Blog: Andy CoyneA price point that is infinity and beyond

Andy Coyne | 30 November 2018

Beyond meat

Beyond meat's Beyond Burger

Perhaps not since Halo Top ice cream (in those dim and distant days of January 2018) has a US food product been as eagerly anticipated in the UK as the Beyond Burger.

The vegan food business Beyond Meat's plant-based patty has been causing a stir in the States, with many suggesting it is the best veggie burger yet with a texture and taste that is difficult to differentiate from real meat.

Some US retailers are stocking the California company's burgers in the chilled counter alongside meat products.

It contains beetroot juice, which oozes out when cooked like blood in a top-quality meat burger.

The company has backers including Microsoft co-founder Bill Gates and Don Thompson, McDonald's former chief executive officer and is now planning to raise up to US$100m through a share sale.

The clamour for the arrival of Beyond Meat's signature product in the UK was enhanced further when its launch, due to be via Tesco in August, was postponed because, the US firm claimed, it was having problems keeping up with demand. A victim of its own success, you could say.

I was one of those eagerly awaiting its arrival and so rushed down to my local Tesco to buy a pack when they finally hit the UK market a few weeks ago.

Whilst I'm not a vegan, or even a vegetarian, I'm not a great fan of meat burgers and do like to tuck into a veggie burger now and again.

They are being sold in Tesco as frozen products and the first thing that struck me was the price - GBP5.50 (US$7.01) for two frozen patties. That's easily twice as much as most other frozen veggie burgers and also a significantly higher amount than you would pay for top quality meat burgers - Aberdeen Angus beef burgers, say.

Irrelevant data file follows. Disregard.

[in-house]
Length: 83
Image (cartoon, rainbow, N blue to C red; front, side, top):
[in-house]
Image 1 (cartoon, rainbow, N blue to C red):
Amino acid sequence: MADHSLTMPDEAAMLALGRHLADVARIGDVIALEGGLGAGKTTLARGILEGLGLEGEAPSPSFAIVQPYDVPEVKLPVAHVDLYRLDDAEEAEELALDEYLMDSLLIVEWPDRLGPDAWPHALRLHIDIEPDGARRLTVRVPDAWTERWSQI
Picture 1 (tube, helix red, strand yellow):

Now I understand people are prepared to pay a premium for certain products - I do so myself on occasion - but GBP5.50 for two frozen burgers. Really?

And so onto the taste. Firstly I don't get the beetroot juice blood thing. It's a bit gimmicky. Meat eaters who choose to eat veggie burgers aren't doing so in the pretense that it's beef that they are eating and the last things vegans would want, I would imagine, is for their burger to remind them of the death of an animal.

I would say the burgers taste okay. The texture is good and the flavour is decent. Do they taste anything like meat? Not to me. But I guess if you put it in a burger bun with cheese, gherkins, onions, sauce and mustard it could do a fair impression of its meaty rival.

I have to say that I've had better veggie burgers - usually containing nuts or with spice added. But their manufacturers are concentrating on making something that tastes good in its own right, not something that is supposed to taste like meat.

So will they be a success in the UK? Hard to say. I think people will be curious to try them but I'd be surprised if they get added to many people's weekly shopping lists on a regular basis at the price at which they are being sold, especially with competition in the country's meat-free category intensifying.

I suspect getting them onto the menus of specialist burger joints is the way forward. When people are out eating they are used to paying quite a lot for a decent burger and the growth in that particular part of the restaurant sector is at the high end.

The Beyond Burger is already available through one upmarket burger chain in London.

As for me, I wish the company well but I think I'll stick with Asda Spicy Bean Burgers (GBP1.50 for four).


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